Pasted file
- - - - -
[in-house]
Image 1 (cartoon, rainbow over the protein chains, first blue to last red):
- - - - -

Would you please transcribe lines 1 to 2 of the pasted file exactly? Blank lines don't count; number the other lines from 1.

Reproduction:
[in-house]
Image 1 (cartoon, rainbow over the protein chains, first blue to last red):